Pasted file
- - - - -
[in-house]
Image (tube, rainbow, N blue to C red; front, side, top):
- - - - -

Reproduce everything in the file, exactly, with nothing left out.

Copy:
[in-house]
Image (tube, rainbow, N blue to C red; front, side, top):